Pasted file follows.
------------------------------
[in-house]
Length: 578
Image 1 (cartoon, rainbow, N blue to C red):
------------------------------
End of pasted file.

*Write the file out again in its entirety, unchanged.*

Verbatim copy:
[in-house]
Length: 578
Image 1 (cartoon, rainbow, N blue to C red):